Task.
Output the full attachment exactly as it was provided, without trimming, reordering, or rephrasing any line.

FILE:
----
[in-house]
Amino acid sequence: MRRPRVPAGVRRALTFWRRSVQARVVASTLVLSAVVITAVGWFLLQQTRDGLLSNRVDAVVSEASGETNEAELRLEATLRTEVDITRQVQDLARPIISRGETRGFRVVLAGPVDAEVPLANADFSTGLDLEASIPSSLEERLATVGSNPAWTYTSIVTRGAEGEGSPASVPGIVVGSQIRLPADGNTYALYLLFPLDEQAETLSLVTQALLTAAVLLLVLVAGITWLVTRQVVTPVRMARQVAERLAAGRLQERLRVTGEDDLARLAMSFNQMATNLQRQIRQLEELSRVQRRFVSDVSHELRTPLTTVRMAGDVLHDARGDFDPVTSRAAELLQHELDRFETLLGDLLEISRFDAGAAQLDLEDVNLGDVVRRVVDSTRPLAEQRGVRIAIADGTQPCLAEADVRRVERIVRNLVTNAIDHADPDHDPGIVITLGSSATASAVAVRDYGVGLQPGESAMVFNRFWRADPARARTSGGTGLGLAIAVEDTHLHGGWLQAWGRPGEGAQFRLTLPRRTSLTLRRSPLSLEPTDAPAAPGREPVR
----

[in-house]
Amino acid sequence: MRRPRVPAGVRRALTFWRRSVQARVVASTLVLSAVVITAVGWFLLQQTRDGLLSNRVDAVVSEASGETNEAELRLEATLRTEVDITRQVQDLARPIISRGETRGFRVVLAGPVDAEVPLANADFSTGLDLEASIPSSLEERLATVGSNPAWTYTSIVTRGAEGEGSPASVPGIVVGSQIRLPADGNTYALYLLFPLDEQAETLSLVTQALLTAAVLLLVLVAGITWLVTRQVVTPVRMARQVAERLAAGRLQERLRVTGEDDLARLAMSFNQMATNLQRQIRQLEELSRVQRRFVSDVSHELRTPLTTVRMAGDVLHDARGDFDPVTSRAAELLQHELDRFETLLGDLLEISRFDAGAAQLDLEDVNLGDVVRRVVDSTRPLAEQRGVRIAIADGTQPCLAEADVRRVERIVRNLVTNAIDHADPDHDPGIVITLGSSATASAVAVRDYGVGLQPGESAMVFNRFWRADPARARTSGGTGLGLAIAVEDTHLHGGWLQAWGRPGEGAQFRLTLPRRTSLTLRRSPLSLEPTDAPAAPGREPVR